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No one would ever mistake Bay Area interior designer Alison Pickart's style for modern industrial, but that doesn't mean she shies away from industrial lighting. "It has a place," she says. "You can be the fanciest of fancy and it still has a place. You can be the girliest of girly, and it has a place. It works with all styles."
The point, then, is to weave industrial lighting in judiciously.
"Know when to say when," Pickart says. When industrial lighting is used sparingly or as an accent, it can transform the personality of a room. "If you can weave your story throughout your house or apartment with a well-placed, sculptural piece, that's fantastic. When it gets to be everywhere, it looks like a homework project that went awry."
1. Go Basic (but Not Boring) With a Humble Light Socket
"Our basic best friend: the porcelain socket," Pickart says (seen here in artist Buckley's home studio in Portland). "It's the origin of illumination. And there are iterations of it now that are fantastic." You can get a basic socket at the hardware store for under $5, and then options blossom from there. In particular, Pickart is a fan of the simple flush mount lights you can find at CB2. "With bulb shopping today, you have so many options. That can be your adornment."
2. Consider a High-End Reinterpretation
The French lighting manufacturer DCW éditions specializes in reimagining classic shapes. A traditional industrial swing-arm lamp grows and becomes praying mantis-like in this statement piece for the living room.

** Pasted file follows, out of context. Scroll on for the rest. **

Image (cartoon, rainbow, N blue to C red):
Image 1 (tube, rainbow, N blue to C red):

Get the look: DCW éditions Mantis Wall Lamp, $900
3. Keep It Simple Stupid
Living room lighting doesn't always have to make such a statement, though. This chic, industrial sconce is both simple and modern.
Get the look: Cedar & Moss Vista Standard (in matte black), $125
4. Cool a Traditional Space With an Industrial Fan/Light
Instead of a simple white fan that would disappear into the ceiling, this industrial LED fan makes a strong visual statement and acts as a beautiful contrast to the more traditional choices elsewhere in the room.
5. Try DIY
Part of the charm of industrial lighting is that you can sometimes recreate it yourself with one trip to the hardware store. Pete Panciera of the home goods brand Norden hand built this sputnik-style industrial chandelier, which anchors his open living room-dining room, in about six hours. The brass continues to age and change.
Get the look: (similar) Lindsey Adelman Studio You Make It Chandelier Kit, $169.50
6. Use It as a Counterpart to a Refined Space
"In order to make industrial lighting feel good, it needs to have a counterpart," Pickart says. Trying bringing a midcentury piece with an industrial feel to an otherwise refined space, which brings in a lighter, more fun sensibility. "Spaces can start to take themselves too seriously if they're only fancy," she says.
Get the look: Serge Mouille Three-Arm Ceiling Lamp, $6,99; (similar) France & Son Midcentury MCL-R6 Six Arm Ceiling Lamp, $1899